A TWYFORD business is the first in the village to be presented with a new green award.
On Friday last week, Emma’s Kitchen on London Road, received the honour from Gordon Holmes, who runs TRIP (Twyford Rethinks Its Plastic).
The campaign aims to reduce single-use plastic in the village through initiatives such as promoting reusable coffee cups for takeaways, eschewing straws, stirrers and cotton buds, and swapping plastic toothbrushes for bamboo ones.
Businesses are also being asked to join in by making switches away from single-use plastics, especially for goods that would be used by members of the public.
Emma’s Kitchen, which has just celebrated its third birthday, received its Plastic Free Champion award for its efforts.
It now has a wooden plaque on display in the popular tea rooms, showing everyone what it is doing, which includes hosting the monthly FILL – Zero Waste Pop-Up Shop – the next visit is on Saturday.
Running from 10am to 2pm, the shop is run by Fill, a new business that brings quality produce, laundry and beauty products to the shopper. But instead of being individually packaged goods, each of the items are in big tubs.
Customers can then use their own containers to fill up with cereals, pasta, grains, nuts, dried fruits, and chocolate. Also available are washing liquids, shampoos, handwash and more.
Paper bags will be available and a small selection of containers will also be available.
Emma’s Kitchen also encourages customers to avoid takeaway cups by offering a discount. For those that need a takeaway cup, it uses compostable ones.
It has also switched its sachets from plastic to paper to make them easy to recycle, while plastic bottles and straws have been ditched, and food is served in vegware compostable tubs.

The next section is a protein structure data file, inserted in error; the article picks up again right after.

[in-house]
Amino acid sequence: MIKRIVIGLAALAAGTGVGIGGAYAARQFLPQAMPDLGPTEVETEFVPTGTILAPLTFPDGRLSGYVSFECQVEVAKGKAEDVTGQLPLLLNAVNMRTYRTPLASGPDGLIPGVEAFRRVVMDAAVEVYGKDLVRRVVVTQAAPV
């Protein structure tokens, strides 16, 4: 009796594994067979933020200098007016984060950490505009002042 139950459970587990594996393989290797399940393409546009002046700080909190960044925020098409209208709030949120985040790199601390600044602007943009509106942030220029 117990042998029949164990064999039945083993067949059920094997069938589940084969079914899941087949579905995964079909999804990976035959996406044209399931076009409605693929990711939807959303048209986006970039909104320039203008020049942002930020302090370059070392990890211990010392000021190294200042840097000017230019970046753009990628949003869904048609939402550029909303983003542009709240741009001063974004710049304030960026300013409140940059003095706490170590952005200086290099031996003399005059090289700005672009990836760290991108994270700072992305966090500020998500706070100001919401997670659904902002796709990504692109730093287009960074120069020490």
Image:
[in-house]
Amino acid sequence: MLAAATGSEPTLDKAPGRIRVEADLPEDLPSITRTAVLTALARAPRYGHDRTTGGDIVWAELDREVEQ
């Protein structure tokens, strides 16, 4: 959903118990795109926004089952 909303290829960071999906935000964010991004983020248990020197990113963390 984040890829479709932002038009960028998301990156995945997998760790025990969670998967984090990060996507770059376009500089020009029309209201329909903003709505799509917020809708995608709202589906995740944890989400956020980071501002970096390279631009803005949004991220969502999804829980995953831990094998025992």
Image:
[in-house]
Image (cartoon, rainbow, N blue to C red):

Mr Holmes said: “These are significant things and Emma’s Kitchen has been doing this for quite a while.”
Emma Saville, who runs the cafe, said: “We do as much as possible, for example, we’ve always used recyclable cups.
“We hold workshops here, so where people don’t know, we can show them.”
“We’ve always done this, we’ve always recycled – we do this as a matter of course. If we can do it as a business, you can definitely do it.
“If we can separate our waste, you can definitely do it.
“The eco-bit is exciting, it can become a game for the family to play.”
And the village is keen to ensure that residents recycle as much as possible.
“We have to get savvier about what we do,” said Mr Holmes.
He was delighted that Emma’s Kitchen was the first recipient of the award.
“They are very supportive,” he explained. “This is a challenge to them, but Emma is incredible and a good example. We hope she will be the first of many.”
Ms Saville added: “We can work together on it. Getting people talking about going plastic-free is amazing.”